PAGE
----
What The Rout In MBS Means For Pimco And Broader MBS Investor Alternatives, As The Market Wakes Up To Risk

Tyler Durden's picture

Wonder why various PIMCO funds are getting hammered over the past week? Simple: the fund's recent push into mortgages, especially on margin, has backfired, and courtesy of the surge in mortgage rates which we highlighted yesterday, has left the world's biggest bond fund, second only the Federal Reserve, hoping for a last minute Hail Mary (Pimco can't print money unlike the former). As a reminder, while Pimco's TRF is positioned well to benefit from the steepening in the 2s10s courtesy of its 4.86 effective duration, we are unsure how the massive flattening of the 10s30s is impacting the firm. What we are absolutely sure of, is that the plunge in MBS prices in the recent week has left the fund gasping for air. Recall that the TRF has increased its MBS holdings by $50 billion in the prior two months (and likely continued in November), which is why the entire rates complex must prevent the ongoing rout in 10s and 30s as otherwise the negative convexity threatens to force an avalanche of selling first by the PIMCOs of the world, then everyone else. We present some very relevant commentary out of CRT on the MBS crunch conundrum.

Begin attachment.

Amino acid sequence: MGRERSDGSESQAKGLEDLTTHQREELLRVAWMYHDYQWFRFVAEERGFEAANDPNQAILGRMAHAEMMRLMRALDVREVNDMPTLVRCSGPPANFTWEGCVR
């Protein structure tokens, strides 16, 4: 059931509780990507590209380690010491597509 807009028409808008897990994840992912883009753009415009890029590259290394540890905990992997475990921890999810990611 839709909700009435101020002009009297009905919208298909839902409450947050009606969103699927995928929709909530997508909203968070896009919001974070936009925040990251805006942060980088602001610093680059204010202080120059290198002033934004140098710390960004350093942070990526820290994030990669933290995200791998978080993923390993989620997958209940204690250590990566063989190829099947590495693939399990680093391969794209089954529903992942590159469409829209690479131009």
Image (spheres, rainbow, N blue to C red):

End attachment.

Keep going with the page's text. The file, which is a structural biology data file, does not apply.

From CRT:

MORTGAGE INVESTORS HAVE BEEN MORE SURPRISED BY THE TIMING AND MAGNITUDE OF THE RECENT INCREASE IN INTEREST RATES, RATHER THAN THE UPWARD DIRECTION. The sharp spike since just the end of November (6 trading days) has caused the effective duration of the overall Agency mortgage index to extend by a full year, or 38%. From an analytics perspective THE UP-IN-COUPON TRADE HAS BEEN HARDEST HIT, WITH "NEW" CONVENTIONAL 5.0% ISSUES LENGTHENING IN DURATION BY 54% (Yield Book data). Portfolio managers are in an especially tough position given that the move has occurred so late in the year. DO THEY NOW SET UP FOR 2011 WITH AN EXPECTATION THAT THE CURRENT TREND WILL BE SUSTAINED, ACCELERATE, OR BE REVERSED? Investors recognize that while "official" rates may remain close to zero, the rest of the curve is vulnerable - whether due to a better economic outlook or deficit pressures. There are several approaches to addressing such a view within a securitized products context - from resetting positions within the coupon stack, to adding more structure (CMOs/CMBS), TO LEAVING FRESH CASH ON THE SIDELINES THROUGH YEAR-END AND/OR UNTIL YIELDS MORE FULLY REPRICE.